Wall St. ends a bit lower a day after Dow, S&P set records

NEW YORK, Tue Jun 3, 2014 5:01pm EDT

Traders work on the floor of the New York Stock Exchange June 3, 2014. REUTERS/Brendan McDermid

Traders work on the floor of the New York Stock Exchange June 3, 2014.

Credit: Reuters/Brendan McDermid

NEW YORK, (Reuters) - U.S. stocks dipped in thin volume on Tuesday, with the Dow and the S&P 500 retreating from Monday's record closing levels as traders found few reasons to buy following a string of gains. A rise in semiconductor companies' shares limited losses.

About half of the 10 primary S&P 500 sector indexes were down for the day, led by telecom .SPLRCL, which fell 1 percent.

Monday marked the Dow's second straight record closing high, while it was the third consecutive record close for the S&P 500. However, recent advances were made on light volume, indicating that the rally has lacked conviction.

On Tuesday, the Dow Jones industrial average .DJI fell 21.29 points or 0.13 percent, to end at 16,722.34. The S&P 500 .SPX inched down just 0.73 of a point or 0.04 percent, to 1,924.24. The Nasdaq Composite .IXIC dropped 3.12 points or 0.07 percent, to 4,234.08.

Google Inc (GOOGL.O) shares fell 1.7 percent to $544.51, weighing on the Nasdaq.

The CBOE Volatility Index .VIX rose for a second straight day, up 2.5 percent, though it remained under 12, well below the historical average of 20. While the level of the VIX indicates a lack of fear in the market, some investors are concerned that it also reflects a sense of complacency.

"We can't seem to get a decent pullback here as there isn't any momentum to the downside. Every time the market goes down, it is met with buying," said Peter Cardillo, chief market economist at Rockwell Global Capital in New York.

Semiconductor stocks ranked among the market's leaders, with the PHLX semiconductor index .SOX up 0.9 percent. The sector rallied after Skyworks Solutions Inc (SWKS.O) raised its earnings and revenue outlook, driving its stock up 6 percent to $45.65. Broadcom Corp (BRCM.O), up 3 percent at $35.88, also gave chipmakers a lift.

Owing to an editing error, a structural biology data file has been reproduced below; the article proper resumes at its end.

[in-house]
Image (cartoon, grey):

Automakers attracted attention after both General Motors Co (GM.N) and Ford Motor Co (F.N) reported May sales that topped expectations. GM shares rose 1.1 percent to $35.26. Ford's stock gained 0.7 percent to $16.55.

Hillshire Brands (HSH.N) shares rose 9.5 percent to $58.65 after poultry producer Pilgrim's Pride Corp (PPC.O) raised its offer to buy Hillshire, known for its Jimmy Dean sausages, and topped an offer from poultry rival Tyson Foods Inc (TSN.N). Hillshire said it would talk with both parties.

Pilgrim's stock fell 2.2 percent to $25.34. Tyson dropped 3 percent to $42.08.

In the latest economic data, April factory orders rose 0.7 percent, topping forecasts.

Trading volume was light at around 5.1 billion shares on U.S. exchanges, below last month's average of 5.75 billion, according to data from BATS Global Markets.

(Reporting by Angela Moon; Editing by Nick Zieminski and Jan Paschal)

We welcome comments that advance the story through relevant opinion, anecdotes, links and data. If you see a comment that you believe is irrelevant or inappropriate, you can flag it to our editors by using the report abuse links. Views expressed in the comments do not represent those of Reuters. For more information on our comment policy, see http://blogs.reuters.com/fulldisclosure/2010/09/27/toward-a-more-thoughtful-conversation-on-stories/
Comments (2)
GodsAmour wrote:
This is all a crock and you know it. This market is faked, the metals market is manipulated, the banks are broke and Wall Street is sucking fumes.

Jun 03, 2014 1:58pm EDT  --  Report as abuse
cheeze wrote:
If the fed gets out of this, we will al be eating bread, and drinking water. All smoke and mirrors, the great world economy ruined the great American life style. Big business shelters trillions of dollars in taxes overseas, while our “no shame” law makers watch the great USA flounder and scrimp every nickel to save money. This great country needs to create tangible goods again to bring back prosperity to those who want to work for it. The bought out ” Congress” needs to go and people need to be elected who will resent all classes, not just the rich corporate guy.

Jun 03, 2014 8:24pm EDT  --  Report as abuse
This discussion is now closed. We welcome comments on our articles for a limited period after their publication.